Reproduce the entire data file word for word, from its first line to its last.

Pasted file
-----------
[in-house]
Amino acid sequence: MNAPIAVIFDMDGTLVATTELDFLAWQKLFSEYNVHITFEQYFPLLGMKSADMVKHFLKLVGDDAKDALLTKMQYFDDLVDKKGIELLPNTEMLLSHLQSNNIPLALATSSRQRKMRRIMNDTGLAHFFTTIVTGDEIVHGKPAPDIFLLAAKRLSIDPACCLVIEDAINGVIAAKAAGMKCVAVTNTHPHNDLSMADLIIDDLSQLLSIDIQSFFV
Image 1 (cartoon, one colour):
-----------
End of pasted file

[in-house]
Amino acid sequence: MNAPIAVIFDMDGTLVATTELDFLAWQKLFSEYNVHITFEQYFPLLGMKSADMVKHFLKLVGDDAKDALLTKMQYFDDLVDKKGIELLPNTEMLLSHLQSNNIPLALATSSRQRKMRRIMNDTGLAHFFTTIVTGDEIVHGKPAPDIFLLAAKRLSIDPACCLVIEDAINGVIAAKAAGMKCVAVTNTHPHNDLSMADLIIDDLSQLLSIDIQSFFV
Image 1 (cartoon, one colour):